Issue:  Vol. 48 / No. 3 / 18 January 2018

Queer Andy

Out There

Self-Portrait in Drag (1981), unique Polaroid print by Andy Warhol, is Lot 23 at auction (estimate: $10,000-$15,000). Photo: © The Andy Warhol Foundation for the Visual Arts, Inc.
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Is it surprising that the most influential American artist of the second half of the 20th century, legendary pop artist Andy Warhol, was gay? Non, not at all, when you stop to think about how gays find the links between high art and popular culture, and move back and forth between them. Just like Warhol did.

But as well-known as are Andy's contributions to Pop Art (Campbell's Soup, anyone?), cinema (Joe Dallesandro in Flesh) and celebrity culture (Studio 54, the 1980s portraits), his essentially gay sensibility often gets glossed over in the annals of art-history. For all the cottage industry of Warhol scholarship, there's not much consideration of his work and legacy in the context of queer studies. One big exception is the book Pop Out: Queer Warhol, edited by Jennifer Doyle, Jonathan Flatley and Jose Esteban Munoz, and published by Duke University Press in 1996. Essays by such noted queer scholars as Thomas Waugh and Eve Kosofsky Sedgwick consider topics like Warhol's "queer childhood" and his "shyness," and show how these traits are reflected in his work.

We're ruminating about the immortal Andy because global art-auction powerhouse Christie's is currently offering an online-only auction of original works by Warhol, For Members Only: Eyes on the Guise, through Thurs., June 27. The sale features over 200 photographs, prints and drawings that promise insights into Warhol's intimate world. To us, the world looks like Big Gay Andy's. The images illustrating this column are among those going on the cyber-auction block. Follow for access to the auction.

Querelle (1982), two unique Polaroid prints by Andy Warhol, is Lot 125 at auction (estimate: $5,000-$7,000).
Photo: © The Andy Warhol Foundation for the Visual Arts, Inc.

"Andy Warhol was queer in more ways than one," write the Pop Out editors in their introduction. "To begin with, he was a fabulous queen, a fan of prurience and pornography, and a great admirer of the male body. This queerness was 'known,' in one way or another, by the gay audiences who enjoyed his films, the police who censored them, the gallery owners who excluded his sketches of male nudes from exhibits, the artists who were made uncomfortable by his swishiness, not to mention the drag queens, hustlers, speed freaks, fag hags, and others who populated the Factory."

In his own book POPism, Warhol wrote, "During this period [1969], I took thousands of Polaroids of genitals. Whenever somebody came up to the Factory, no matter how straight-looking he was, I'd ask him to take his pants off so I could photograph his cock and balls. It was surprising who'd let me and who wouldn't."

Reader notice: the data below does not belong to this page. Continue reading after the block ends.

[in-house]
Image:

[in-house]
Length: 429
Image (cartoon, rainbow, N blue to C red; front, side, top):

Warhol left only one work dealing with AIDS (he died in 1987), and it appears unfinished. At any rate, it was never exhibited during his lifetime. AIDS/Jeep/Bicycle (c. 1985) is reproduced in Pop Out, along with essayist Jonathan Flatley's analysis that in it "there is only absence. The bicycle and the Jeep are riderless. It is Warhol's most melancholic painting in the depressing sense, registering a failure to mourn, an inability to appropriate some form of publicity that might comfort him." This work isn't part of the auction, but plenty of male pulchritude is.


U.S./China relations

Last Sunday night we watched a live stream of artists Laurie Anderson and Ai Weiwei performing Greetings to the Motherland, a collaboration described as a "hip-hop dialogue," via Skype, performed live for the Luminato Festival in Toronto.

"My idea was that he would do a rant about China, and I would do one about the United States, and we'll trade lines," Anderson told The New York Times.

During the performance, Ai referred to his detention by the Chinese government for 81 days, and rapped, "Say something about China. Let's talk about China."

Anderson replied, "Ah, America! Someplace they found on their way to China." She also gave a shout-out: "Before we go on, I'd like to mention a couple of names. Julian Assange, and Bradley Manning, and Ed Snowden. Let's hear it for the whistle-blowers! Yeah!"

She welcomed her audience on the Internet. "Who knows how it became the new Dragnet? Your silence will be considered your consent."


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